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Exploring Old Time Recordings and Artists 


Canote Brothers

West Coast duo (with a Knoxville connection)


Jere and Greg Canote are identical twins from Seattle, Washington who perform as the Canote Brothers. They are known nationally through their touring and teaching at music camps and festivals across the country. The brothers have played an important role in the old-time music scene on the West Coast through a string band class they have been teaching for several decades. 

Jere and Greg have published an extensive list of tab and sound files from these classes. Jere has additionally published a guitar tab book of their tunes, and is known for building custom banjos. The brothers also performed in a popular radio variety show for nearly 15 years called Sandy Bradley’s Potluck, which earned the nickname “Seattle’s Prairie Home Companion”. 

The Canote’s repertoire includes original compositions, obscure fiddle tunes, early country songs, quirky novelty numbers, children’s songs, and swing classics. Their shows are “delightfully unpredictable,” filled with jokes and stories as well as good music. The brothers are known for their infectious, positive energy, and for humorously capitalizing on their relationship as identical twins. Here is a link to 21 Canote Brothers videos that showcase their unique style.

The Canotes perform lots of Old Time fiddle tunes, saying, “We love the beautiful old fiddle tunes and the hypnotic ‘in the moment’ experience of playing this American Old Time music.” Several of their original tunes have become popular with Old Time musicians, including “Sadie At The Back Door," and “Obama’s March To The White House.” A documentary film entitled “The Canote Twins” has been made that chronicles their “...journey from infancy to festival favorites”. This film, along with a dozen short features, is now available for free home streaming.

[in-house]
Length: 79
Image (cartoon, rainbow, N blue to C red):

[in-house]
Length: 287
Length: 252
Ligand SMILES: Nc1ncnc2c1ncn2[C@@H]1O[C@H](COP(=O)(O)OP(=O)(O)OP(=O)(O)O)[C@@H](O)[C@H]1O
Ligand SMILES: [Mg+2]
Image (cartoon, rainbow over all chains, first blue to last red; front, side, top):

The Canote Brothers left their mark on the Knoxville area Old Time music scene in an important way. Knoxville fiddler Ken Bronson met the Canotes at Mt. Airy in the late 70’s, and when they were touring the South in the early 80’s, the Canotes often used Ken’s big farmhouse as their base. (The brothers were also known as “The Clone Tones” at that time - which is now the name of their record company.) When the Canote's touring ended, they returned to the West Coast, leaving Ken two cassette tapes that contained dozens of tunes which they had gathered during their travels. This was a pre-internet treasure trove, and these tapes were shared extensively among Knoxville players. Ken said, "I gave a copy to everyone I knew!" Due to years of playing them at Festivals, several tunes from these tapes eventually became known as “Knoxville tunes” (or “Mumbilly versions”), such as Rat Cheer, and the "extra chord" versions of Big Sciota and Booth Shot Lincoln. The Canote connection also explains why you may hear uncommon tunes such as Willits Or Won’t Its, Numero Once, Numero Doce, and Throw The Old Cow Over The Fence in Knoxville jam circles even today. 

Full Canote Brothers Show

From the 56th annual Topanga Banjo Fiddle Contest

The Canote Brothers

"Obama's March To The White House"

Greg Canote (2009)

The Canote Brothers

"Sadie At The Back Door"

By Jere Canote, Originally on “Concert Collection II” (1999)

by Sandy Bradley & the Small Wonder String Band

(Sadie was a cat)

Walkin' Back To TexasThe Canote Brothers
00:00 / 02:59
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